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From: "Indan Zupancic" <>
To: "Tasos Parisinos" <>
Cc: "Francois Romieu" <>,,
Subject: Re: [PATCH RESEND 1/1] crypto API: RSA algorithm patch (kernel      version
Date: Wed, 21 Mar 2007 16:10:54 +0100 (CET)	[thread overview]
Message-ID: <> (raw)
In-Reply-To: <>

On Wed, March 21, 2007 15:31, Tasos Parisinos wrote:
> Indan Zupancic wrote:
>> On Wed, March 21, 2007 14:07, Tasos Parisinos wrote:
>>> How can one tamper (write) the kernel memory of a booted and running kernel
>>> without using an exploitable bug?
>>> I mean, you can't mess with the bzImage on flash, the secure bootloader
>>> boots it without
>>> letting someone alter the (non crypto-) memory while loading the bzImage
>>> on it, and then
>>> no-one can run something that will tamper the system or write anywhere
>>> on kernel memory
>>> without exploiting a bug
>>> I mean, am i missing something here?
>> Depends on what you consider an exploitable bug. Does getting root access count?
>> If not, then you must make very sure that all possible ways to modify kernel
>> memory from userspace are thwarted (I don't know what those are, hopefully
>> loading modules is the only one, but maybe there are smart other ways).
>> Assuming one can't write kernel memory, it's also safe to assume kernel memory
>> can be protected against reads (else the whole keys infrastructure is useless).
>> But instead of only reading the bus traffic also modifying it doesn't seem so
>> far fetched to me. That modification can be reduced to swapping one bit which
>> tells whether the modules being loaded has a valid signature or not.
>> Timing it might be tricky, but that can be automated.
>> When someone has the hardware in his hands and really want to exploit it, you
>> lose no matter what you do. At best you can make it harder and more expensive.
>> In the end my point is that you might think that you can get away with less
>> security when using RSA, but perhaps in reality you don't. At least when using
>> symmetric key encryption you're forced to secure the whole thing more.
>> So design it for symmetric keys. If it turns out that using asymmetric keys is
>> more practical for whatever reason, fine, use those. But they won't give you
>> added security.
>> Greetings,
>> Indan
>> P.S. The whole argument of secure bootloader checks the kernel can be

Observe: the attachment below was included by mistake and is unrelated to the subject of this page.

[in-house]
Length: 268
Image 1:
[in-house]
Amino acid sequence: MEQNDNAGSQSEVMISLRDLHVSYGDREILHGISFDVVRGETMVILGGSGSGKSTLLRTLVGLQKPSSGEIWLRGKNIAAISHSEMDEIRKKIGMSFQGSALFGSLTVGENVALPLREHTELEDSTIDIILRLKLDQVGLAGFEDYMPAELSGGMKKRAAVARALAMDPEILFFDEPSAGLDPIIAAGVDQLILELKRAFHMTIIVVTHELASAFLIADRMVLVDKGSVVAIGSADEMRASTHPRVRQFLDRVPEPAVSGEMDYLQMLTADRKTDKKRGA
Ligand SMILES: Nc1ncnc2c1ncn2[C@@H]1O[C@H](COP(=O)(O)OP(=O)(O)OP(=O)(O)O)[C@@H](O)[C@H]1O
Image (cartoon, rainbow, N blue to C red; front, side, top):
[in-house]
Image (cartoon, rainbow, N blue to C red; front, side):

>> extrapolated to a secure kernel checking a user space program. Why not
>> letting the kernel check the signature of a monolithic modprobe program,
>> and let it do all the (RSA) checking. The expected hash of the modprobe
>> program can be hardcoded in the kernel.
> I agree that you have no more security that using symmetric
> but we believe you have lower costs, simpler key management
> (which is a big headache alone), tougher to break through
> (not unbreakable) and more centralization

It depends a bit on who you want to give control over what can and what
can't be loaded whether centralization is an advantage or not. It might
be a bit easier and simpler for the vendor, but if users have control
over their hardware and thus the keys, it doesn't make any difference.
Even for the vendor it isn't very hard to keep a database with all keys
and signing modules with the right key when needed.

I don't see where the lower cost or the increased toughness comes from.
Don't forget that you need to protect the stored public key against
modification as well (As well as the boot loader).

> As for modprobe u are right but we also need to check (apart
> from kernel modules) the executables and libraries in the
> usage scenario.

What about bytecode programs, self modifying software and mmap?
One exploitable bug in any program renders all this checking void.

But even then you can move all the checking to a userspace helper program.
(Which can be in initramfs, glued to the kernel binary.)

> About time:
> In my pc system running (2.66 GHz P4, 1G mem) the computation of
> modular exponentiation of 1Kbit (with a 32bit exponent all bits set and
> a 1024 bit key)
> took almost 3ms. That's the time needed to check the signature of any
> code loaded
> in ram using this module, after having it hashed (sha1) and signature
> extracted from elf.

Time was never the problem, the extra code bloat and complexity is.
(Though if you're going to check all binaries it probably is.)



  reply	other threads:[~2007-03-21 15:11 UTC|newest]

Thread overview: 26+ messages / expand[flat|nested]  mbox.gz  Atom feed  top
2007-03-19 16:22 Tasos Parisinos
2007-03-19 22:58 ` Matt Mackall
2007-03-20 14:44   ` Tasos Parisinos
2007-03-20 15:15     ` Matt Mackall
2007-03-20 16:36       ` Jan Engelhardt
2007-03-20 15:43   ` Paulo Marques
2007-03-20  0:40 ` Francois Romieu
2007-03-20 14:11   ` Tasos Parisinos
2007-03-20 15:09     ` James Morris
2007-03-20 15:40       ` Tasos Parisinos
2007-03-20 21:43     ` Indan Zupancic
2007-03-21  9:15       ` Tasos Parisinos
2007-03-21 12:08         ` Indan Zupancic
2007-03-21 12:34           ` Tasos Parisinos
2007-03-21 13:00             ` Indan Zupancic
2007-03-21 23:31           ` David Schwartz
2007-03-22 13:15             ` Indan Zupancic
2007-03-21 12:36         ` Indan Zupancic
2007-03-21 13:07           ` Tasos Parisinos
2007-03-21 13:59             ` Indan Zupancic
2007-03-21 14:31               ` Tasos Parisinos
2007-03-21 15:10                 ` Indan Zupancic [this message]
2007-03-21 15:50                   ` Tasos Parisinos
2007-03-21 16:36                     ` Indan Zupancic
2007-03-22  7:47                       ` Tasos Parisinos
2007-03-21 14:49               ` Tasos Parisinos

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